Pakistan mosque bombing: one of country's worst attacks

Officials have blamed the Pakistani Taliban for attacking a mosque attended by pro-government tribesmen during Friday prayers. At least 50 worshipers were killed.

Fayaz Aziz/Reuters
A paramilitary soldier secures the site of a suicide bomb attack inside a mosque in Jamrud, located in Pakistan's Khyber region on Aug. 19.

In one of Pakistan's deadliest attacks in recent years, a suicide bomber blew himself up in a packed mosque Friday, killing at least 50 worshipers and injuring more than 100 in Pakistan’s tribal belt of Khyber.

Around 400 tribesmen were at the main Madina Mosque in Jamrod performing Friday prayers when the bomber detonated his bomb. The explosion caused the roof of the mosque to collapse, burying many of the worshipers.

“I was offering prayers when the blast hit us. I fell unconscious and when regained consciousness I could only see clouds of smoke, dead and injured around me," says Hashmat Ullah Kooki Khel, a witness the Monitor reached by phone.

Most of the victims belong to THE Kookikhel tribe that is largely considered to pro-government and anti-Taliban. The Pakistani Taliban has not claimed responsibility but officials have blamed the militants for the bombing.

“This is [a] cowardly attack by Taliban and the attackers cannot be Muslims to kill innocent worshipers in the holy month of Ramadan,” Mian Iftikhar Hussain, information minister of Khyber Pakhtoon Khawa province, told reporters. During the month-long holiday, Muslims all over the world observe fasting and offer special prayers.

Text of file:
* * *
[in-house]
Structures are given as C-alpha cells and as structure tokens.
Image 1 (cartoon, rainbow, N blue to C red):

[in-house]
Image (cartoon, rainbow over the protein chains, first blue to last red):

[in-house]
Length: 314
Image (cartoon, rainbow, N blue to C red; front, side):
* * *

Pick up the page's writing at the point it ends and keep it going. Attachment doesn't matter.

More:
“They are weakened and the operations by security forces have broken their backbone, so it could be [a] revenge tactic,” Mr. Hussain said.

The Khyber region has great strategic importance as it borders Afghanistan and is a gateway for NATO supplies to US-led forces in Afghanistan.

The area is known as being a hotbed of militants from Ansar-ul-Islam and Lashkar-e-Islam. Lashkar-e-Islam (Army of Islam) is headed by militant commander Manghal Bagh, while its rival Ansar-ul-Islam operates under Qazi Mohib. Both groups are fighting against Pakistani forces in Khyber.

The rivals have a long history of fighting, which has claimed hundreds of lives. Pakistan’s military launched a crackdown in 2009 to clear the region of militants.

In the past, Taliban militants and their allied groups have attacked at mosques and assemblies of tribesmen, known as jirgas, attended by anti-Taliban militias in Pakistan’s northwest.

Last year, the Taliban carried out twin suicide attacks in the village of Darra Adam Khel, where local tribesmen were resisting Taliban influence. More than 60 people were killed in that attack.

About 150,000 Pakistani troops have been deployed in the semiautonomous mountainous tribal belt and have been fighting Al Qaeda and Taliban militants along Afghanistan border. In retaliation, the Taliban have carried out deadly attacks in several cities across Pakistan.

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